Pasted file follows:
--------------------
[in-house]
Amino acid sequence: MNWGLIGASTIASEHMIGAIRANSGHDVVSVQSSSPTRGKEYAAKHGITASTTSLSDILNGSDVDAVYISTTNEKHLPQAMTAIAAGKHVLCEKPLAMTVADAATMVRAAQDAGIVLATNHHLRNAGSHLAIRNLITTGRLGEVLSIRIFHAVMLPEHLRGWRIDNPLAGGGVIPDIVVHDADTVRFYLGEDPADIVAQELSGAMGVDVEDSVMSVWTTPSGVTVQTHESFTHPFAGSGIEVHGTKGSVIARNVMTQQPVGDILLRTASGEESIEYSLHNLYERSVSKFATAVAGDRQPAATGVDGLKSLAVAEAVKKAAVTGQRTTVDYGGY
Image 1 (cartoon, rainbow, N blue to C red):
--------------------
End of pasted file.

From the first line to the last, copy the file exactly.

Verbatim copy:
[in-house]
Amino acid sequence: MNWGLIGASTIASEHMIGAIRANSGHDVVSVQSSSPTRGKEYAAKHGITASTTSLSDILNGSDVDAVYISTTNEKHLPQAMTAIAAGKHVLCEKPLAMTVADAATMVRAAQDAGIVLATNHHLRNAGSHLAIRNLITTGRLGEVLSIRIFHAVMLPEHLRGWRIDNPLAGGGVIPDIVVHDADTVRFYLGEDPADIVAQELSGAMGVDVEDSVMSVWTTPSGVTVQTHESFTHPFAGSGIEVHGTKGSVIARNVMTQQPVGDILLRTASGEESIEYSLHNLYERSVSKFATAVAGDRQPAATGVDGLKSLAVAEAVKKAAVTGQRTTVDYGGY
Image 1 (cartoon, rainbow, N blue to C red):